Stroke order rule 1 – left to right

Up until now we have been talking about the direction of strokes. Now we will start talking about the order or sequence in which strokes should be written in order (no pun) to form whole characters.

When we have two or more strokes in a character, in what order should they be written? Stroke order rule 1 says:

Write the leftmost stroke first, then write the next leftmost stroke, and keep going.

Kanji stroke diagram showing the kanji 八 yattsu 'eight', 人 hito 'person', 入 hairu 'to enter', 川 kawa 'river', 州 SHUU 'sandbank'. It illustrates the stroke order rule 1, according to which kanji strokes are written from the left to the right.
yattsu ‘eight’, hito ‘person’, hairu ‘to enter’, kawa ‘river’, SHUU ‘sandbank’.

The characters In the diagram above are a series of slanted and vertical strokes written next to each other. These strokes are written one by one, from the left to the right. This should be pretty straightforward.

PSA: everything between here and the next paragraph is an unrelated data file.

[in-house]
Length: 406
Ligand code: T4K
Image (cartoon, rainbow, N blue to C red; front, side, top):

NB: stroke order rule 1 doesn’t apply to characters such as chiisai ‘small’ and mizu ‘water’ that have a central dominant stroke. I have a separate rule for this kind of characters that we will see later.

Stroke order rule 1 applies to characters with strokes that bear a roughly equal impact to the overall balance of the shape/kanji as a whole. Take hito from the diagram above.

In the kanji hito the two strokes are leaning toward each other; together they create a balanced shape, with no “centre of gravity” like in chiisai. Similarly, in kawa the three strokes contribute equally to the balance of the character, therefore we apply stroke order rule 1: we write the strokes from the left to the right.

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